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Hutchins Center Fiscal Impact Measure

The Hutchins Center Fiscal Impact Measure shows how much fiscal policy adds to or subtracts from overall economic growth. Use the graph below to explore the total quarterly fiscal impact as well as its components: taxes and spending at the federal, state and local levels. (Methodology »)


Hutchins Center Fiscal Impact Measure Contribution of Fiscal Policy to Real GDP Growth Components of Fiscal Policy Contribution to Real GDP Growth

  • Four-quarter moving average
  • Quarterly fiscal impact
  • Federal spending on goods and services
  • State and local spending on goods and services
  • Taxes and benefit programs

Source: Hutchins Center calculations from Bureau of Economic Analysis data.

Hutchins Center on Fiscal & Monetary Policy

By Sage Belz and Louise Sheiner

Government spending and tax policies—particularly at the state and local level—added 0.86 percentage points to growth in inflation-adjusted Gross Domestic Product (GDP) in the first quarter of 2019, according to the Hutchins Fiscal Impact Measure. Inflation-adjusted GDP grew at a 3.1 percent annual rate in the quarter.

After neither adding nor subtracting much from GDP growth between 2015 and 2017, the combination of federal legislation and increased state and local spending added to the pace of growth through 2018. The most recent data indicate that while the waning effects of federal legislation and the partial government shutdown in January 2019 weighed on some components of the FIM, spending by state and local governments has continued to add to the pace of GDP growth.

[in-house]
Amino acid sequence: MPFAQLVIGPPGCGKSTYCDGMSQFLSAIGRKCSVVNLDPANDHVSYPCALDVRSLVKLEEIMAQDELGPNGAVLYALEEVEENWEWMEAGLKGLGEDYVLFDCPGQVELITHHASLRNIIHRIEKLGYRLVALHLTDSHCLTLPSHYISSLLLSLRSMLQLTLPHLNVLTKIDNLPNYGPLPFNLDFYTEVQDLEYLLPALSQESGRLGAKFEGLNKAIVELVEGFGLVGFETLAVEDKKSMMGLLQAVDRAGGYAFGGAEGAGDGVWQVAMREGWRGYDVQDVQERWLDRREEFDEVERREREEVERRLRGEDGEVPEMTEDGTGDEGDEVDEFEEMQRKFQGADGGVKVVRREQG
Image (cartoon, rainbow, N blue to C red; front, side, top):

State and local government activity expanded in the first quarter and added half a percentage point to GDP growth. Both investment and employment by state and local governments declined significantly during the Great Recession and remain below their pre-recession levels today. But in recent quarters the strong economy has bolstered state and local finances, and investment has picked up. State and local investments in structures, equipment and intellectual property by rose by 20 percent from the previous quarter. Employment growth at this level of government has been positive but modest in recent quarters, continuing a slow but steady recovery from its post-2010 lows.

Federal spending has risen only modestly over the last four quarters and made no net contribution to GDP growth in the first quarter. Nondefense spending declined by 7 percent in the first quarter, partly reflecting the effects of the partial government shutdown. Increases in spending on national defense offset these declines, however, so that the net impact on GDP was about zero. The most recent FIM reading suggests the contribution to GDP growth from increased federal spending last year has diminished significantly in recent quarters.

Tax and transfer policies at all levels of government added 0.4 percentage points to GDP, mostly driven by increases in federal transfer payments.

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